Comforts of Home: Minimizing impact on residents key to success of projects at senior living facilities
From measures to safeguard immuno-suppressed individuals to special care in protecting seniors’ memorabilia, renovation projects in senior-living facilities require unique skills.
“It’s a different type of construction, even from healthcare,” said Adam Bell, a project executive with Plano-Coudon Construction.
Plano-Coudon crews will soon complete large renovation projects at senior living facilities in Carroll and Frederick counties.
Integrace – operator of the Fairhaven and Copper Ridge facilities in Sykesville –contracted Plano-Coudon to complete a wide-ranging list of renovations and additions on its 300-plus acre campus. Those include constructing two large commercial kitchens and two upscale bistros, and a 2,500-square-foot addition to house both an adult day/night care facility for individuals with dementia and a dementia-research center, complete with physicians’ offices, clinics and training areas. In addition, Plano-Coudon is completing extensive upgrades of interior finishes in shared living and dining spaces, lobbies, medical offices, an auditorium, locker room, mailroom and elsewhere. Crews have built a new sunroom, reworked a parking lot and storm water management pond, and outfitted older buildings with improved insulation and mechanical systems.
“It has taken a lot of coordination between Plano-Coudon and our building and nursing staff to complete this work,” said Robert Albright, vice president of facilities development at Integrace. “Plano-Coudon has been very conscientious about meeting our needs. As you can imagine, in a senior care facility, a lot of our residents are immuno-suppressed. But you could see on a daily basis that Plano-Coudon is on top of the measures needed to protect our residents.”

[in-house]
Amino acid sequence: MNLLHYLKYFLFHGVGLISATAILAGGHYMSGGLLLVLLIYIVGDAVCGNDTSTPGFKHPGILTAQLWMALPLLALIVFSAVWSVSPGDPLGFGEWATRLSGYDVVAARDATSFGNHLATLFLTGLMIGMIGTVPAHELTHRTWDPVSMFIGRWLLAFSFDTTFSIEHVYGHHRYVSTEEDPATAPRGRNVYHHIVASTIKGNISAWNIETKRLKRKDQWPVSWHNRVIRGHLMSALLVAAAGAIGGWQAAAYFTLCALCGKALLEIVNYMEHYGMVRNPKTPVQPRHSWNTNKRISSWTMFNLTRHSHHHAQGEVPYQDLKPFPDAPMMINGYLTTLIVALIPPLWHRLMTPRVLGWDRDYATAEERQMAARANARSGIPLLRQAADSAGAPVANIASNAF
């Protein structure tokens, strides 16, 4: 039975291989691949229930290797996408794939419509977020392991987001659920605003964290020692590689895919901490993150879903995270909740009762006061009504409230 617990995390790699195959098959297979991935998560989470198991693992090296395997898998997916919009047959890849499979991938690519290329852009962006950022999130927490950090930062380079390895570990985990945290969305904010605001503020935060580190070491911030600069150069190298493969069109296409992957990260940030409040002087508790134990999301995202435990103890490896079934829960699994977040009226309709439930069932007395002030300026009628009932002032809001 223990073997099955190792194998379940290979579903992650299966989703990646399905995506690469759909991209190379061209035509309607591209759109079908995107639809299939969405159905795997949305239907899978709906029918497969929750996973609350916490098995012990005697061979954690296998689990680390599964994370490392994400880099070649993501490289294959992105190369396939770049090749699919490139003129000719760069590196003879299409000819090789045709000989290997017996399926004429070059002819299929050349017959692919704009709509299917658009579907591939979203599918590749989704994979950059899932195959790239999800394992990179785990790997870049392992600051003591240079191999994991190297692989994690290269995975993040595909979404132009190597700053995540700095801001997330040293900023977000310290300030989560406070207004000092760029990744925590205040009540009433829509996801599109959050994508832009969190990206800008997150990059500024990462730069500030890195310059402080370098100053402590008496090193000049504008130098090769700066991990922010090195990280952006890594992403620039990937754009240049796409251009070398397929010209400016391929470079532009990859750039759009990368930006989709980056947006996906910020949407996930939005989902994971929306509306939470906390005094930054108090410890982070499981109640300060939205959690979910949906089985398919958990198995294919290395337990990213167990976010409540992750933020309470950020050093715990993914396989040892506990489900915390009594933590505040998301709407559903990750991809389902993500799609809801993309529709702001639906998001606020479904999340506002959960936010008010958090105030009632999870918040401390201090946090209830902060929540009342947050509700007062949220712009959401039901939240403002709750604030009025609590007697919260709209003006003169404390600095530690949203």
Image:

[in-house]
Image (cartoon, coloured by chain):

Crews have operated negative air machines, enclosed active construction areas, and restricted work to small areas at a time to limit construction dust, fumes and noise. Crews have also taken extra precautions to safeguard residents who have issues with vision, mobility or dementia.
“You have to worry about things you normally don’t think about,” Bell said. “If you left a ladder out, somebody might try to climb it or somebody might trip over it. So whenever workers have to leave tools on site, we lock them in a room away from the residents.”
At Taney Village – an Enterprise Homes apartment building in Frederick that provides affordable housing to lower income seniors and adults with disabilities – Plano-Coudon recently replaced the building’s roof and windows, upgraded elevators, installed a new air handler, and completed other building-wide infrastructure improvements. Crews are also meticulously renovating 130 occupied apartments. Those renovations include installing new kitchen cabinets and appliances, new bathroom fixtures, closet doors, and sinks, as well as repainting units and upgrading other interior finishes.
“This one is pretty tricky because we go into folks’ apartments during the day, renovate and, at the end of the day, have it cleaned up to the point where we can allow people back into the units and not have any safety issues,” Bell said.
Plano-Coudon and its subcontractors have handled that challenge by working on less than a dozen apartments at a time and completing each within two weeks; allotting time for meticulous prep and cleanup each day to safeguard residents’ possessions; and regularly adapting work plans to accommodate the particular needs of the day.
“You have to do a lot of thinking on the fly to make things work for people,” Bell said. “You can’t just leave people without a bathroom for a day or a kitchen for a day, so maybe you put something in place temporarily to allow that resident to function until we complete the job.”
Plano-Coudon, Bell said, has developed distinctive abilities to handle projects at senior living facilities. In addition to having ample experience in occupied renovations and healthcare construction, “a lot of our guys are pretty adaptable and have abilities to figure out challenges in the middle of a project and complete work with the least impact on residents. With this kind of construction, you can’t just go in there and expect to push through a lot of quick production. It takes a lot more planning, coordination and care, which are things we are good at.”